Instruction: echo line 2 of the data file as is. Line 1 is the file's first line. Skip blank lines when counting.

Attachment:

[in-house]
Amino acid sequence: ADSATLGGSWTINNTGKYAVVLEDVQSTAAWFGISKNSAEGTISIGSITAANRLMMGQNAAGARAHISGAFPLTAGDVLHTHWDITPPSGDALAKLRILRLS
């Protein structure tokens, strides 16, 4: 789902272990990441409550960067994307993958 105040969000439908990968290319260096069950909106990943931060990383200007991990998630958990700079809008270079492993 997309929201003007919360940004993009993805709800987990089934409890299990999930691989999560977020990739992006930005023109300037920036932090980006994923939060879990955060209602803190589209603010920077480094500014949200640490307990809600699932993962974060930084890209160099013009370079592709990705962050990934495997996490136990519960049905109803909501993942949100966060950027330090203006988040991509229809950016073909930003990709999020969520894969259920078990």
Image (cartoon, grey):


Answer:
Amino acid sequence: ADSATLGGSWTINNTGKYAVVLEDVQSTAAWFGISKNSAEGTISIGSITAANRLMMGQNAAGARAHISGAFPLTAGDVLHTHWDITPPSGDALAKLRILRLS